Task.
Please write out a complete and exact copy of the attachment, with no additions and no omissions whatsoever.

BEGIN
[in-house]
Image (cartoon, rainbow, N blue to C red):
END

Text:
[in-house]
Image (cartoon, rainbow, N blue to C red):